Japan: marauding monkey caught, killed after series of attacks by monkeys' gang

Updated on Jul 27, 2022 12:17 PM IST

After identifying the monkey as the same animal responsible for one of the attacks, it was put down.

City officials have been trying for weeks to track down the vicious gang who have made national headlines by assaulting residents with mostly mild scratches and bites.(AFP)
City officials have been trying for weeks to track down the vicious gang who have made national headlines by assaulting residents with mostly mild scratches and bites.(AFP)
AFP | | Posted by Lingamgunta Nirmitha Rao

Local authorities hunting for a gang of monkeys who attacked and wounded nearly 50 people in western Japan have caught and killed one of the marauding primates, an official said Wednesday.

The male simian was seized while roaming the grounds of a high school in Yamaguchi city -- but it may not be the end of the furry, twisting tale, with other monkeys feared to be at large.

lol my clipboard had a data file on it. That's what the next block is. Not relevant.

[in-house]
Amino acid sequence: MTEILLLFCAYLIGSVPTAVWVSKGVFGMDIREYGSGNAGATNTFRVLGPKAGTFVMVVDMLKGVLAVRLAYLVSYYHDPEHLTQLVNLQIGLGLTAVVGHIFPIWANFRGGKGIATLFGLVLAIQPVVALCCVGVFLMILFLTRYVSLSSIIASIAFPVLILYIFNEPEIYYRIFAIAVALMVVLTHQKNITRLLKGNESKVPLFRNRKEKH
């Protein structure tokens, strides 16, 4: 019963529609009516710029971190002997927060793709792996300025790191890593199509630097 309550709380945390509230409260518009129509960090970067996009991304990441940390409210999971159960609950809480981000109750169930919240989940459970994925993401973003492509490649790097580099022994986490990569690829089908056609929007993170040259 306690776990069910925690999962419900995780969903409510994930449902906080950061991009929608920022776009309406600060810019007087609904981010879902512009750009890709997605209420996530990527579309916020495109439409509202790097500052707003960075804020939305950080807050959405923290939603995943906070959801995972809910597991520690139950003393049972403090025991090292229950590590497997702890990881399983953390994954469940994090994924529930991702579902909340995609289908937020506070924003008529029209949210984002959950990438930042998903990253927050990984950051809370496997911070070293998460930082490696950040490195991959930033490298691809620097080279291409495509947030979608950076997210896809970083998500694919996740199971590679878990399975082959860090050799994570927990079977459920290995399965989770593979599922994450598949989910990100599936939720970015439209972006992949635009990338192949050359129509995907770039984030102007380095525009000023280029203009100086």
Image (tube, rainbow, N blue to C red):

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City officials have been trying for weeks to track down the vicious gang who have made national headlines by assaulting residents with mostly mild scratches and bites.

On Tuesday evening, specially commissioned hunters shot the monkey with a tranquiliser gun and eventually caught it near a lake on the school premises, an official at the local agricultural department told AFP.

After identifying it as the same animal responsible for one of the attacks, the monkey was put down, he said. It had an estimated age of four and was around half a metre tall.

Patrols have been underway in Yamaguchi since the attacks on adults and children began around three weeks ago.

But with 49 people injured as of Tuesday midday and fresh attack reports coming in, the search is still on.

"Eyewitnesses describe monkeys of different sizes, and even after the capture, we've been getting reports of new attacks," said the city official, who declined to be named.

Japanese macaques are seen commonly across large parts of the country, and are a pest in some areas, eating crops and even entering homes.

But the spate of attacks in Yamaguchi is unusual, with some residents telling local media that they are now carrying umbrellas and tree-cutting scissors to defend themselves.

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